So while WSU with its fat scholarship offer would seem the logical choice, the alarm bells that went off in my head at the thought of it gave me pause. Further, my mother encouraged me to go away to school and have a campus experience, something that could not happen at WSU, which had no dorms.

Michigan State, with its proximity to Ray’s family, held an easy familiarity to me and seemed like the most logical choice. They were still offering money, they had an excellent teaching and music program, and they were close enough to home should anything happen. My friend Karen was also planning on attending MSU, so we could room together.

So the choice was made, in April of 1988, that would direct the next turn in the road for me. I would go away to State. I would turn down the full scholarship to the commuter school. I would major in music education, combining my love of music with the practicality of a teaching degree. It all seemed to make perfect sense.

Inappropriate Excitement

I could hear the trumpet’s tinny melody vaguely through the practice room wall. I stopped my playing of Claude Bolling’s “Sentimentale” (I had been repeating the insanely fast slur of high to low notes that separated the slow and fast movements of the piece) to listen more closely. Who was playing? As far as I knew, I was the only senior stupid enough to take an independent study in music during the last hour of the school day. Most other seniors with enough credits would simply not bother and leave school early to get a jump start on working that afternoon. Me, I needed the forced practice time during the school day or I knew I would never nail this piece.

I set my flute gently down on the chair that I hadn’t been sitting in (standing made for a better posture for full lungs), and gently opened the door of the practice room. I listened for the clear notes of the trumpet and began slowly walking towards them. It took exactly four steps down the hallway to figure out who it was.

It was Joe, from the Homecoming Dance.

He was the top trumpet player in the school; I should have known it was him. I paused for the slightest second outside his door, only a narrow square of glass allowing me sight of his intense concentration on his music. I started to walk away, only to hear his door open up behind me and him say, “Hey.”

“Hey, Joe, I didn’t mean to bother you. I didn’t realize you had independent study sixth hour, too.”

“Yeah,” he answered in his raspy voice. “I need the practice before Solo and Ensemble.”

“Me too,” I said quickly, my cheeks glowing red He was dating my friend Karen’s neighbor, Amy. He was completely off limits, which left me free to be as friendly as I wanted without worrying about the consequences. “You sounded really good.”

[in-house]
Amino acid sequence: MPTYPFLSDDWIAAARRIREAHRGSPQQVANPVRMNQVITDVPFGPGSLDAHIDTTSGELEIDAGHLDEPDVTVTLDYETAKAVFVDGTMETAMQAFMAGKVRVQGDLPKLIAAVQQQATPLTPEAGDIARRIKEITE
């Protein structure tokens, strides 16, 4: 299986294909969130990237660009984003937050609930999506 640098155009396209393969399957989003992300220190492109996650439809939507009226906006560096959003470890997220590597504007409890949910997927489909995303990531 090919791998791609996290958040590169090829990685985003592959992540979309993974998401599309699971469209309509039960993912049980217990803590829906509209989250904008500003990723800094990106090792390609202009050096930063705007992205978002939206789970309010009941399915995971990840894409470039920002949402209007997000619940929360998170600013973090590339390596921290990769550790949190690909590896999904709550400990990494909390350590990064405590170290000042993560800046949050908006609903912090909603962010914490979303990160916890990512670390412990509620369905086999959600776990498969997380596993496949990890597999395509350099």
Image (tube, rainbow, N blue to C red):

“Thanks,” he offered. “You did too. Is that jazz flute?”

Over the next few weeks, Joe and I spoke frequently. When he needed breaks from his music, he’d stop in my practice room to chat. We talked about college (we’d both applied to Michigan State and were waiting for responses), about our mutual friends, about our band instructor, about everything. I found myself liking him, a lot. I had the oddest feeling that he liked me too, even though I knew fully well he had a girlfriend.

One day, as I plodded through Sentimentale and pushed out high Gs over and over in an attempt to get my lips able to form the note reliably, I realized I hadn’t seen Joe yet that afternoon. By this point, we’d always at least say Hi to each other, every day. I looked out of my practice room window to find him sitting on the floor, his head in his hands. The hallway at this hour was deserted, and he’d clearly chosen the most private place (minus me) he could think of to have his breakdown.

I sat next to him and gently touched his arm. “What’s wrong?” I asked.

He looked up at me with red eyes. I’d never seen a boy my age cry, or at least allow others to see that he’d been crying. “Amy broke up with me,” he offered, choking out the words.

I’m not going to lie here. My heart leapt in my chest. In a classic case of proceeding carefully, I modulated the excitement out of my voice before responding: “Oh, Joe, I’m so sorry.”

Slowly, carefully, he told me the story of what had happened. Our bodies were close enough to be touching as he told me how she’d just dumped him, because she was going away to school the next year and didn’t want to be “tied down” over the approaching summer. I soothed him with words of comfort, of youth and fun ahead, of his character and how he would find someone who was more worthy of his careful thoughts and attention.

By the end of the conversation I was holding his hand. I meant this purely as a gesture of comfort to him, and that was how he gladly accepted it. But when I took my hand away, my palm was sweaty and my head was hot. I felt horrible for the amount of pain he was clearly in, I did.

But I also felt a feeling I hadn’t felt since the day I’d first held Ray’s hand. The inappropriate excitement was tight in my chest.